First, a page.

Stack Overflow is a community of 4.7 million programmers, just like you, helping each other.

Join them; it only takes a minute:

Sign up
Join the Stack Overflow community to:
  1. Ask programming questions
  2. Answer and help your peers
  3. Get recognized for your expertise

I have a network folder which can contain up to 10,000 files (usually around 5000).

What is the fatest way I can get the filepath of the most recently created file in that folder using c#?

Currently I am using the below, but wondered if there was a quicker way.


DirectoryInfo di = new DirectoryInfo(xmlFileLocation);
var feedFiles = di.GetFiles("*.xml");
var sortedFeedFile = from s in feedFiles
                     orderby s.CreationTime descending
                     select s;

if(sortedFeedFile.Count() > 0){
    mostRecentFile = sortedFeedFile.First();
share|improve this question
Not an answer, but if you remove the Count(), you can use FirstOrDefault and do a null check instead. I doubt that will give you much of a performance boost though! In some circumstances you might consider using Any() instead. – RichardOD Jun 23 '09 at 15:03

This might help...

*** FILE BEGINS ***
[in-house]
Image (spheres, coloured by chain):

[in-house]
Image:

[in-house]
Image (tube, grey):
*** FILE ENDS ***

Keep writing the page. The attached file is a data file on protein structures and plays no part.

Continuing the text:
share|improve this answer

Sorting the files is taking you O(nlogn) time. If all you need is the most recently created, it would be faster to just scan through the files and find the most recent---O(n).

share|improve this answer
I very much doubt the sorting time is that relevant, however it is certainly something to look at under a profiler. – RichardOD Jun 23 '09 at 15:09

I reckon your best chance is to consider creating a Win32 API call- this may or may not be faster, but it might be worth investigating. See WIN32_FILE_ATTRIBUTE_DATA Structure to do this.

share|improve this answer

This gets the FileInfo, or null if there are no files, without sorting:

var feedFiles = di.GetFiles("*.xml");
FileInfo mostRecentFile = null;
if (feedFiles.Any())
    mostRecentFile = feedFiles
        .Aggregate((x, c) => x.CreationTime > c.CreationTime ? x : c);
share|improve this answer
Interesting technique to bypass sorting- hadn't thought of that. Personally though I don't think the sorting is a performance issue. – RichardOD Jun 23 '09 at 17:26

Your Answer


By posting your answer, you agree to the privacy policy and terms of service.